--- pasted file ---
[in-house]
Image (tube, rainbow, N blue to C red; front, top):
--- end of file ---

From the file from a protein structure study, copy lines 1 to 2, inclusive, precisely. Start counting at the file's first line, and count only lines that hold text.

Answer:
[in-house]
Image (tube, rainbow, N blue to C red; front, top):